Circularity indicator for residential buildings: Addressing the gap between embodied impacts and design aspects.

Dario Cottafava, Michiel Ritzen.
Resources Conservation and Recycling 164:105120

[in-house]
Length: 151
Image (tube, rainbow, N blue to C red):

In the European Union, the built environment is responsible for more than the 25% of all waste generated, highlighting the need to adopt circular practices. To indicate the level of circularity, common indicators mainly focus on: 1) the amount of virgin materials, 2) the amount of unrecoverable waste, and 3) the product lifetime. However, a holistic methodology covering the macro (material impact), meso (supply chain) and micro level (design) is still to be fully developed. In this research, two indicators – the Building Circularity Indicator (BCI) and the novel Predictive BCI (PBCI) – combine the Material Circularity Indicator with Embodied Energy (EE), Embodied CO2 (EC) analyses and Design for Disassembly (DfD) criteria. A full and simplified version are tested for different case studies in different climate zones in the EU. EE ranges between 1.49 GJ/m2 and 7.60 GJ/m2, while EC between 0.15 tCO2/m2 and 0.73 tCO2/m2. In the full version, the BCI and PBCI ranges respectively from 0.23 and 0.28 to 0.04 and 0.10 with regard to mass, EE and EC. The simplified version ranges between 0.10 and 0.62, revealing to be a more accurate indicator when data are available for only a few dozen components. To enable comparisons among different buildings, results show how different interpretations of the DfD criteria affect the BCI, highlighting the need to indicate strict boundary conditions, a minimum number of evaluated components, and precise criteria on how the DfD criteria relate to either a material, a subcomponent/component, or its relationship to its context.